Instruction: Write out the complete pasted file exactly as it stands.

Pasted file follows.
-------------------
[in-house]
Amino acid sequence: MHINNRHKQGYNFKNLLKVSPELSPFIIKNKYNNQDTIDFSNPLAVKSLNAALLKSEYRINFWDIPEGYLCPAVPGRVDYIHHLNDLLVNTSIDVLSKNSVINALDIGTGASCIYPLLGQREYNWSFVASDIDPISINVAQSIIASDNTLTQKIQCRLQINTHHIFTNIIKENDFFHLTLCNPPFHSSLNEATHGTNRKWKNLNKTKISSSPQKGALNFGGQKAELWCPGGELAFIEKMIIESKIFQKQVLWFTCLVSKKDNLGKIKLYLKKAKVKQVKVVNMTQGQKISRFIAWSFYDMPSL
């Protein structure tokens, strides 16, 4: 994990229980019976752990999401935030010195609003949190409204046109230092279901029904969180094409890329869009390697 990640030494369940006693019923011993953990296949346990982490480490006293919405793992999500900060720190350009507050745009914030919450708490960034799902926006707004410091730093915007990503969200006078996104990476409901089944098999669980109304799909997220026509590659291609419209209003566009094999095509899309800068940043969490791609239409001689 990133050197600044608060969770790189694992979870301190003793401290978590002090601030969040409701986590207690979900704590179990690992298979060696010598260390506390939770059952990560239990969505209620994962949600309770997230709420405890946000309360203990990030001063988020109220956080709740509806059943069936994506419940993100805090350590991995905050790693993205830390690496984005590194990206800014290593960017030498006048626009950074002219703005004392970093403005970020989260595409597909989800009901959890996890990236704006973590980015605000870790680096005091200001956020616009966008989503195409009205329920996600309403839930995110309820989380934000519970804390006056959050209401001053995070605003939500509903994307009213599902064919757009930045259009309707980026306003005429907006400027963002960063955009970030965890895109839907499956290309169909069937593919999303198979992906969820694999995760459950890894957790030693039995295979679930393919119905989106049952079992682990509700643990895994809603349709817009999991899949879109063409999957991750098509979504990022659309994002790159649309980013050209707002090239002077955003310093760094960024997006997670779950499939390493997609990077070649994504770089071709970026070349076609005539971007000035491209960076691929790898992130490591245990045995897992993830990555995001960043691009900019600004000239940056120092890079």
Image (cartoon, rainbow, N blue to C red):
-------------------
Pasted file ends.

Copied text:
[in-house]
Amino acid sequence: MHINNRHKQGYNFKNLLKVSPELSPFIIKNKYNNQDTIDFSNPLAVKSLNAALLKSEYRINFWDIPEGYLCPAVPGRVDYIHHLNDLLVNTSIDVLSKNSVINALDIGTGASCIYPLLGQREYNWSFVASDIDPISINVAQSIIASDNTLTQKIQCRLQINTHHIFTNIIKENDFFHLTLCNPPFHSSLNEATHGTNRKWKNLNKTKISSSPQKGALNFGGQKAELWCPGGELAFIEKMIIESKIFQKQVLWFTCLVSKKDNLGKIKLYLKKAKVKQVKVVNMTQGQKISRFIAWSFYDMPSL
């Protein structure tokens, strides 16, 4: 994990229980019976752990999401935030010195609003949190409204046109230092279901029904969180094409890329869009390697 990640030494369940006693019923011993953990296949346990982490480490006293919405793992999500900060720190350009507050745009914030919450708490960034799902926006707004410091730093915007990503969200006078996104990476409901089944098999669980109304799909997220026509590659291609419209209003566009094999095509899309800068940043969490791609239409001689 990133050197600044608060969770790189694992979870301190003793401290978590002090601030969040409701986590207690979900704590179990690992298979060696010598260390506390939770059952990560239990969505209620994962949600309770997230709420405890946000309360203990990030001063988020109220956080709740509806059943069936994506419940993100805090350590991995905050790693993205830390690496984005590194990206800014290593960017030498006048626009950074002219703005004392970093403005970020989260595409597909989800009901959890996890990236704006973590980015605000870790680096005091200001956020616009966008989503195409009205329920996600309403839930995110309820989380934000519970804390006056959050209401001053995070605003939500509903994307009213599902064919757009930045259009309707980026306003005429907006400027963002960063955009970030965890895109839907499956290309169909069937593919999303198979992906969820694999995760459950890894957790030693039995295979679930393919119905989106049952079992682990509700643990895994809603349709817009999991899949879109063409999957991750098509979504990022659309994002790159649309980013050209707002090239002077955003310093760094960024997006997670779950499939390493997609990077070649994504770089071709970026070349076609005539971007000035491209960076691929790898992130490591245990045995897992993830990555995001960043691009900019600004000239940056120092890079």
Image (cartoon, rainbow, N blue to C red):